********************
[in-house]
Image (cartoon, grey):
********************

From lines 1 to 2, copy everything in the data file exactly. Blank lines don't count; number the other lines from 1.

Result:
[in-house]
Image (cartoon, grey):